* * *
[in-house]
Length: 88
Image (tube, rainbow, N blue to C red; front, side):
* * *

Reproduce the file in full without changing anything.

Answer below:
[in-house]
Length: 88
Image (tube, rainbow, N blue to C red; front, side):